Extensions Overview

Extensions are a way for you, as a developer, to add features to Safari. You write them using HTML, CSS, and JavaScript. Safari exposes additional methods and properties to JavaScript for extensions to use, allowing your extension to do things that scripts normally can’t.

Developer Certificates

In Safari 9.0 on OS X 10.10 and 10.11, you can develop a Safari extension without creating a certificate. However, to distribute extensions for Safari, you first need to sign up for the Apple Developer Program online at https://developer.apple.com. After joining the program, you must obtain a certificate in order for your extension to work; the extension will not load until your certificate is installed. To request a certificate, follow the "Certificates, IDs & Profiles" link from your developer account.

Install your certificate with the Keychain Access application. Select the "login" keychain. Then select "Import Items..." from the File menu. Choose your certificate file, verify that the "Destination Keychain" is set to "login", and click Open.

One certificate supports all your extensions. You can use the same certificate on more than one computer, as long as you also export the corresponding private key from the originating computer and import it into the new keychain on each new computer.

When your certificate nears expiration, create and download a new one from the Apple Developer website. Because the two certificates carry the same developer ID, your existing extensions will recognize the new certificate.

What Your Extension Can Do

Safari extensions let you add persistent items to Safari, such as controls, local or web-based content, and scripts that modify web-based content.

To see examples of Safari Extensions, visit the Safari Extensions Gallery (https://extensions.apple.com/).

The Extension Parts List

An extension starts as a folder. Depending on what you want your extension to do, you put some or all of the following items into the folder:

Extension Architecture

You can think of extensions as being divided into two parts: a part that interacts with the Safari app, and a part that interacts with web content.

The part of an extension that interacts with the Safari app resides in any of your extension’s global HTML page, extension bar pages, or popover pages. The part that interacts with web content resides in JavaScript files or CSS style sheets that are injected into content pages.

The division between these parts is strict, but you can send messages between them using proxies. If the global HTML page or an extension bar page needs to act on web content, it sends a message via the webpage proxy, where an injected script can act on it.

Similarly, if an injected script needs to make use of code in the global HTML page or an extension bar, it can send a message via the tab proxy.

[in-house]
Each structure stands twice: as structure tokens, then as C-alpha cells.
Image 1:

The extension architecture is illustrated in Figure 1-1.

Figure 1-1  The extension architecture

An extension does not necessarily need to have both of these parts—an extension can operate only on the Safari app or only on web content. For example, a toolbar button to close a window or insert a tab would interact only with the app, while a style sheet that reformats websites into black text on a white background would operate only on web content.

The Safari Extensions JavaScript API

In addition to the usual JavaScript methods, extensions have access to a special JavaScript API that lets them access the Safari app and web content. The full API is documented in Safari Extensions Reference, but this section covers the main things you need to know.

Classes and Properties

The Safari Extensions API includes several classes such as SafariBrowserWindow, SafariBrowserTab, and SafariWebPageProxy, representing, respectively, a window, a tab, and the webpage loaded in a tab. You rarely, if ever, use the actual class names in your code, however. Instead, your extension JavaScript uses the SafariNamespace object, safari, followed by a chain of properties. For example:

  • safari.application.activeBrowserWindow returns the active instance of SafariBrowserWindow.

  • safari.application.activeBrowserWindow.activeTab returns an instance of SafariBrowserTab.

  • safari.application.activeBrowserWindow.activeTab.page returns an instance of SafariWebPageProxy.

As usual in JavaScript, there is more than one way to address a particular object and the chain of properties goes both ways—a browser window has a tabs property representing its tabs, for example, and each tab has a browserWindow property representing its parent window.

The Application and Extension Objects

The SafariApplication object allows you to work with windows and tabs, and to respond to commands from toolbar items and contextual menu items (also known as shortcut menu items). For example, you open a new browser window like this:


The SafariExtension object allows you to add and delete buttons, menu items, scripts, and style sheets from your extension. For example, the following code snippet adds a simple black-and-white style sheet to the injected contents of your extension:

var bw = "body { color:black !important; background:white !important }" ;

You can access the SafariApplication and SafariExtension classes from your extension’s global HTML page or from an extension bar or popover. The classes are accessed as safari.application and safari.extension.

Web Content Interaction

Scripts that are injected into web content can access the DOM of webpages they are injected into, allowing them to read and modify the content. Injected scripts use the normal JavaScript API—getElementsByTagName(), innerHTML, and so on—but because they are injected into a webpage, they have the privileges of a script loaded from the same domain the content comes from. In other words, a script injected by an extension can do anything the website author’s own scripts can do.

You can also designate style sheets as injected content. Injected style sheets are treated as user style sheets, as defined by the W3C. This means that they can override styles applied by the webpage’s author if they are declared important. For example, to override the body element’s background color, you could declare: